It called the jury's decision "excessive and unjustifiable" adding that both Alva and Alberta Pilliod had histories of illnesses that were known risk factors for non-Hodgkin's lymphoma. In 2011, Alva was diagnosed with systemic National Hockey League in his bones, which spread to his pelvis and spine, and Alberta was diagnosed with National Hockey League brain cancer in 2015.
"There appeared to be more detailed evidence damaging to Monsanto, which strengthens plaintiffs' cases down the pipeline even further", said Pavlik, who has followed the trials.
EPA's conclusion is based on a database of more than 800 studies on glyphosate and Bayer's glyphosate-based herbicides that relate to human and mammalian health, and its 2017 cancer risk assessment also examined numerous studies in the open literature.
They saw an ad in a paper by attorney Michael Miller who they said helped connect their cancer to Monsanto's Roundup weed-killer and one of its ingredients glyphosate. It also seems to fly in the face of a 2016 California Supreme Court ruling that found the ratio of punitive to compensatory damages in successful lawsuits should nearly never exceed nine to one, the AP added.
The jury found Roundup had been defectively designed, that the company failed to warn of the herbicide's cancer risk and that the company acted negligently.
Wenonah Hauter, executive director of Food & Water Watch, said in a statement that the California jury's decision "shows that there's more than enough evidence that Roundup is an environmental and public health nightmare".
The company insists the glyphosate-based product is not linked to cancer and says it was disappointed with the verdict and will appeal.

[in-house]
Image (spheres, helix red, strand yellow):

Alberta Pilliod, 76, said after the verdict that she and her husband, Alva, have each been battling cancer for the last nine years.
Monsanto was initially ordered to pay $289 million to Johnson, before the damages were reduced to United States dollars 78.5 million.
"The verdict in this trial has no impact on future cases and trials, as each one has its own factual and legal circumstances", the company said.
That figure, which consists of $3 billion in punitive damages and $79 million in compensatory ones, is all but certain to be reduced by the trial judge or on appeal-University of California, Hastings School of Law professor David Levine told the Associated Press there is "There is zero chance it will stand". The court didn't propose a ratio it felt correct, but said punitive damages should nearly never exceed nine times actual damages, it said.
Bayer's stock price closed Monday at $15.91 a share, down 45 cents or 2.76 percent per share, in trading on the New York Stock Exchange.